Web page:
Microsoft Office Tutorials and References
In Depth Information
Thinking Through Your Template Design
If you don’t see the file extensions by default and would like to display them, click
Start in Windows 7, choose Computer, and then click Organize. Click Folder and Search
Options and choose View. Clear the check box beside Hide Extensions For Known File
Types, and then click OK. The file extensions will appear on your files.
Thinking Through Your Template Design
The best time to design a template is before you begin creating one. Yes, you can easily
adapt an existing template or change a document you particularly like to work as a
template for future documents, but carefully considering what you’d like to accomplish with a
template before you start it is the best way to meet your document goals.
Watch your document workflow. Whether you work as part of a large business
or a small team, pay attention to where documents begin—and where they end—in
your particular organization. Do documents tend to stay within departments? Do
documents find their way out to the public with a variety of looks and logos? Does
one person shepherd the creation of all new documents to ensure that everything
you create has a consistent look and feel?
Keep an eye on the design. Chances are that you already have some kind of
design at work in your traditional documents. Maybe that design is nothing more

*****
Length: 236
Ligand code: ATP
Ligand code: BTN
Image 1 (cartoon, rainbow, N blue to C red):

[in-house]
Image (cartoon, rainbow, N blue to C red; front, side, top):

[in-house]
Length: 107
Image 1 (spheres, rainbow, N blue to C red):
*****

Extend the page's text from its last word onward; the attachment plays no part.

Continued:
than simple black text on a white page; or you might have a color logo, a distinctive
font, or other design elements that you use regularly on your business cards,
newsletters, and more. Revisit your design with an artist’s eye and ask yourself how well the
colors, font, and style its your business today. Is it time for a makeover? If so, gather
a sample of each type of document you’d like to include in the new design (the more
comprehensive the change, the better), and consider all the documents you want to
change as you begin to think through what you’d like to include in a template.
Consider your assets. In some businesses or organizations, including graphics—
photos, diagrams, charts, clip art, and more—is an important part of the document
creation. Do you use many photos in your documents? Do your documents regularly
feature product images, staff photos, or project diagrams?
Think about how you use data. Will the people who read your documents be
asked to provide information in fields or forms? Will you incorporate data from a
data source (such as your Outlook contacts list) as part of a larger mail merge
project? If you regularly incorporate data from outside sources in your documents, you
can include content controls in your template to help accommodate that need.
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